Thursday, July 31, 2014
Inquirer Daily News

'Breakfast After the Bell' Rings True in Efforts to Combat Kids' Hunger

Reasons why school kids go hungry in the morning range from not having breakfast available at home to being embarrassed about getting a free before-school meal.

‘Breakfast After the Bell’ Rings True in Efforts to Combat Kids' Hunger

Reasons why school kids go hungry in the morning range from not having breakfast available at home to being embarrassed about getting a free before-school meal.

“Breakfast After the Bell,” a new program backed by state lawmakers and education officials, aims to eliminate a key problem with serving breakfast before the school day begins -- few students are actually in school to eat the food.

The program, which school administrators are being urged to join, lets schools take 10 minutes at the start of the day to quickly serve and have students eat breakfast.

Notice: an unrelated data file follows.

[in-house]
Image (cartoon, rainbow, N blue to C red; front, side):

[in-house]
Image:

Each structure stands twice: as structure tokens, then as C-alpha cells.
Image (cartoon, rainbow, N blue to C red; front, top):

The increasingly popular initiative has contributed to surging participation in the school breakfast program.

The number of free and reduced-price breakfasts served in schools rrose from 136,000 in October 2010 to 184,000 in April 2013. Since then, state officials say, the number of meals served has risen even more. When all school breakfasts, including unsubsidized meals are totaled, 254,000 morning meals are currently being served statewide daily.

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